It's been almost three years since Bob Young gave me my own Red Hat to wear. Since then - and regardless of attempts by You Know Who to marginalise the operating system as a geeky fad - Linux has found the industry support it needs to launch into the enterprise server market.
Most noticeably, Oracle (9i) has said that it is now giving Linux equal status in a market it now sees as being split three ways - between Windows, Linux and Solaris.
This is an enormous boost for Linux fortunes, as the OS now offers the credibility that goes with the support of both IBM and Oracle, an event that finally dismisses any suggestion that Linux is a risky "unsupported" environment attractive to only the very brave or the very foolish IS director.
And it's not just IBM and Oracle leading the charge. Linux continues to grow market share at around 30% a year.
Not so long ago I was having heated arguments with people about the potential for utility computing and cheap applications servers using Linux. The first of these is IBM's 21st century reinvention of "bureau computing".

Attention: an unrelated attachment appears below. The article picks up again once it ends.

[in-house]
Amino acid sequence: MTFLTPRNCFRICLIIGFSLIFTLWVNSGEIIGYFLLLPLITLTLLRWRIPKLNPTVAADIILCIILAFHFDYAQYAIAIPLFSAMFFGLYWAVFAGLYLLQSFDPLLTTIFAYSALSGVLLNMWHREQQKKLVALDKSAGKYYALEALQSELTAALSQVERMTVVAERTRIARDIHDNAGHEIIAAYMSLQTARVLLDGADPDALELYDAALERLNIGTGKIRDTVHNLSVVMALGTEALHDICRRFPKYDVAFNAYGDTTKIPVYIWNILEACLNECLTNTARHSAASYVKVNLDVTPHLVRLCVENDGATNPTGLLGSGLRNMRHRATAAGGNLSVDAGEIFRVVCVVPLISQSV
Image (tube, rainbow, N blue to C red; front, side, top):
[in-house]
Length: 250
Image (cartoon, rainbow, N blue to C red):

This uses Linux Virtual Services, connecting customers to managed Linux-based applications on mainframes at e-business hosting centres. It looks set to revive one or more fundamental elements of the ASP concept that fell flat last year.
The second, the arrival of a wave of cheap server appliances running Linux instead of Windows, is still, I suspect, two years away. You could never really describe Sun as cheap - but the demand among businesses and governments to drive down the costs of computing is driving the agenda at a pace that is hard to ignore.
Tilting Microsoft off its comfortable perch is still going to be difficult, if only because half of the market is still owned by the company. The other Unix flavours of HP-UX and Solaris are more likely to be a victim of Linux ambitions before any serious pain is felt by Microsoft, which is busily developing Windows into a powerful enterprise OS and one good enough to take on any variant of Unix.
Perhaps in the end, the future of Linux can be seen as a huge game of poker with the future of enterprise computing represented by the chips. Buying a place at the table costs millions or even billions of dollars in development and marketing money, and only IBM, Sun, Oracle and Microsoft can really afford to play.
The winner may not be the company with the best hand. It could be the one with the best bluff.
Zentelligence: Setting the world to rights with the collected thoughts and opinions of the futurist writer, broadcaster and Computer Weekly columnist Simon Moores.